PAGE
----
Gary Young (Hawaii) was doing bamboo veneers with (if I recall correctly) a plastic shrink-wrap type exterior shell over them.
The pics below are from his Insta. He apparently hasn't added any new pics in the last 3 years. This board was apparently snapped in heavy conditions in the Bay area. It looks like a wood veneer over XPS.
I tried it and got a big mess. The type of plastic film is crutial. I couldn't find the video but I think Lemat is right about Jimmy Lewis and SUP construction. I would go the extra cost and use release ply, lam as usual and then put on the ply with a lot of tape underneath to hold it tightly to the board while curing. When I have vacuum bagged boards I put it on and you can see the resin come out. Many times I thought I shouldn't even bother with the other steps in the bagging process.
I have wetbagged before and that works. If you run the lamination slightly wet and just use a raw bag with no wrinkles in it you can get a no-sand finish. No peel ply or breather on the wet side so the only consumable is the bag itself.
The way I did it was run the breather and the vacuum fitting on the dry side and pull the bag tight over the wet side, including wrapping the rails. I used masking tape to tape the corners down so those came out perfectly, too. The trick is to pull the board out of the bag after the resin has gotten to the B stage but before it fully hardens. Then pull the tape off the corners, cut the cutlaps if that's what you're doing and allow the resin to completely harden.
But as I understand it the OP was trying to get away from fiberglass altogether.
The release ply will hold down lighter "floating" alternative cloth and remove some excess resin. If you don't have a vacuum setup it will work to get a slightly lighter laminate.
GDaddy---Yes and we have side tracked and hijacked a bit; but I appreciate your comments and explanation. I have always figured it could work that way and remember others doing likewise. Mahalo, Lowel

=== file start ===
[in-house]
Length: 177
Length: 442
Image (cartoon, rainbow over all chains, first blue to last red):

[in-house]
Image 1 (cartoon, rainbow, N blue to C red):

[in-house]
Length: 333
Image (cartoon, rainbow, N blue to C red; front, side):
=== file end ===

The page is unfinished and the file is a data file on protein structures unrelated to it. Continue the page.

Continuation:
That which can be assorted without evidence was read in an illegal magazine.
These are great methods that I'm eager to try, can anyone link to the sorts of bags used OR the plastic film used to get the wrap tight?
For rawbagging I was using the cheap stuff. Use once or twice then toss it. I'm not using peel ply or breather on the wet side and I'm not running my vacuum on the wet side, so it's literally just the bag.
I was afraid to even attempt bagging a wetlam until I ran across a Q&A thread with Greg Loerh where he was talking about having tried every combination of bag+release+breather and so on, and they eventually decided that raw bagging it just worked as well *for surfboards* as any of the other vacuum bag techniques and was quicker and simpler to set up to boot. So I figured I'd experiment with it 'cause I've got more time than common sense. And as it turns out it worked.
I started off using a more elaborate vacuum rig, but I later caught am "Instructables" vid on Youtube about converting an aquarium pump to swallow instead of spit so I tried that out, and it worked. You don't want to run a high pressure vacuum on a wetlam anyway. Use the plastic lid off a 1$ condiment squeeze bottle (clip that cap, trim the nipple, grind the bottom down a little so it lays flatter at the base, insert through the bag from the inside) and seal with some sticky tapeon both sides of the bag.
I used this rig to vacuum veneers onto blanks so it'll pull a steady 10# all day long and you won't even be able to hear it unless you're within 5ft or so. Which if you've ever run a real vacuum rig you'd know that "nearly silent" is really saying something.